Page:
The Developing World Is At Risk
The UICC reports that around 9.6 million people died from cancer in 2018. More than half of cancer deaths are happening in the least developed parts of the world.
Irrespective of where people live in the world, those surveyed with lower education and those on lower incomes appear less aware of the main cancer risk factors. They also appear less likely to pro-actively take the steps needed to reduce their cancer risk than those from a high-income household or with a university education.
Raise More Awareness
UICC President HRH Princess Dina Mired of Jordan said: “To tackle the global cancer burden now and for the future, governments and decision-makers across the international cancer community must come together to ensure that everyone is afforded every opportunity to take control over their cancer risk – no matter their education or income level.”
It’s vital to help raise greater awareness around cancer and to support health-promoting behavior so that no one gets left behind.
Here are five key ways in which governments can help
- Prioritize cancer awareness-raising and prevention.
This can be done through progressive health policies and education to support health decisions and health-promoting behavior. There should also be a focus on engaging lower socioeconomic populations.
- Ensure the public is provided with up-to-date information on cancer risks and cancer prevention.
It’s important that the information is presented and delivered in a way that is accessible by individuals from lower socioeconomic backgrounds.
- Implement policies to help reduce the consumption of known cancer-causing products.
These products include tobacco, sugary food, and beverages. It’s important to encourage health-promoting behaviors, particularly among lower socioeconomic groups.
- Invest pro-actively in national cancer control planning and the establishment of population-based registries.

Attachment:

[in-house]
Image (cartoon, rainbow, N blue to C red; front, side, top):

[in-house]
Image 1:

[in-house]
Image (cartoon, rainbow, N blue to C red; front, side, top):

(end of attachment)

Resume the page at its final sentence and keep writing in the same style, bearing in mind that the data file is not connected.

This will ensure the most effective resource allocation that benefits all groups.
- Continue to raise awareness with each new generation.
This will help to ensure that up-to-date information on cancer risks and cancer prevention is not taken for granted.
Here are three important ways to help you and your family reduce the risk of cancer
- Use World Cancer Day as an opportunity to improve your understanding of cancer risk factors and share your knowledge with others
- Make a personal commitment to reduce your cancer risks like quitting smoking, eating healthily, exercising regularly, and using sunscreen
- Take advantage of what your health system can provide. This includes getting a check-up, getting screened, and getting vaccinated
Important Resources and Links
- International Public Opinion Survey on Cancer 2020 report available to download here
- For more information about specific cancer awareness events, please visit: www.worldcancerday.org/map
About the Union for International Cancer Control (UICC)
The Union for International Cancer Control (UICC) is the largest and oldest international cancer-fighting organization. Founded in Geneva in 1933, UICC has over 1,150 member organizations in 173 countries. It enjoys consultative status with the United Nations Economic and Social Council (ECOSOC). It also has official relations with the World Health Organization (WHO), the International Agency for Research on Cancer (IARC), the International Atomic Energy Agency (IAEA) and the United Nations Office on Drugs and Crime (UNODC).
About the Survey
The International Public Opinion Survey on Cancer is an international online survey conducted from 25 October to 25 November 2019 on a total sample of 15,427 adults. The survey was conducted via the Ipsos Online Panel system in 20 countries around the world. These countries include Australia, Brazil, Bolivia, Canada, China, France, Germany, Great Britain, India, Israel, Japan, Mexico, Kenya, the Philippines Saudi Arabia, South Africa, Spain, Sweden, Turkey, and the USA.